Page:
The Lander Valley

The Lander Valley

 

I came to Lander on a whim. 26 and looking for “something else”. I had this vague yet powerful idea that I wanted to live somewhere where my heart could be free. Chalk it up to youth, but it made sense at the time. Still does.

 

I knew that Wyoming existed, of course. I had high school geography just like everyone else. And I knew that if I headed west from Iowa, I would eventually run into it. And I knew that it had mountains. That was all I needed, so West I came.

 

I landed in Lander just as the aspens in the hills southwest of town were starting to spin their golden leaves.

 

 

An Eastern Tenderfoot

I stepped into the Lander Bar, and there was no screech of chairs and cessation of talk as everyone stops and sizes up the tenderfoot who just came into town from “back east”, just a town that welcomed me with open arms.

 

I met this crazy cajun from somewhere deep in the swamps of the Louisiana. We became best friends, and remain so to this day. I moved into a small duplex next to this guy from Massachusetts who did his best to keep his Boston accent to a minimum. My son calls him uncle. I made it through my first Wyoming winter. And as a reward, I got to go to my first Lander Brewfest.

 

 

Ahhh, Brewfest. Sheltered under the canopy of the century-old cottonwoods in City Park, it’s always been the un-official kick-off to summer around here. Brewers from around the nation come to quench the thirst of thousands of revelers. Some raven-haired beauty from the beaches of Virginia danced to the band that played, and I watched her, transfixed. Eventually I got enough courage to talk to her. We have been married almost 5 years now.

 

The Rockets Red Glare

On my first Fourth of July here, I went to my first rodeo. I sat on top of a roof of some house somewhere and sent skymortar after skymortar bursting into the night. Everyone else in town was doing the same thing. I had never seen anything like it, and every year I never lose the awe I felt that first night so long ago.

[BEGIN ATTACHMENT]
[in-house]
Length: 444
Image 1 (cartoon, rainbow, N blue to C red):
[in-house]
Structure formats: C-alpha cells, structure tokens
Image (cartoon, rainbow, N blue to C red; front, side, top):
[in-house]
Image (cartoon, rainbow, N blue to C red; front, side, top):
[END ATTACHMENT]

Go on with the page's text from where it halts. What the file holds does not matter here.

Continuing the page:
A Playground Out My Backdoor

Everything I love is right out my back door. Many a Saturday have been spent 60 feet up on a wall in Sinks Canyon, forearms pumped out, shaking, staring at the anchor bolts, three moves but seemingly another thousand feet away. If I ever need a tip or two I know I can aways get it from the pros who flock to town during the International Climbers Festival.

 

 

The biggest trout I ever caught I pulled out of Smith Lake.

 

Accessible through Dickinson Park, the hike to Smith Lake takes you on 5.5 mile pilgrimage through quintessential Wind River Mountain alpine transcendency.

To Yellowstone and Beyond

Yellowstone National Park is three hours away from me, and I have been many times. Never once growing acclimated to the wondery of the place.

 

The first moose I ever saw was off the Middle Fork Trail.

 

 

It was mile 14 of the Wind River Peak Challenge, an unofficial endurance race. The idea behind the challenge is to go from Bruce’s Parking Lot at the head of Sink’s Canyon to the summit of Wind River Peak, the highest peak in the southern Winds at 13,192 feet, and back again as fast as you can. From the trailhead it’s 32 miles with an elevation gain of around 8,000 feet. The fastest known time so far is 6:17.36. It took us two days, but we did get to see that moose.

 

And all this happened on a whim.

 

That was 15 years ago and my heart feels as free now as it did when I first dropped down from Beaver Rim into this spellbinding little valley sheltered in the arms of the Wind River Mountains.

 

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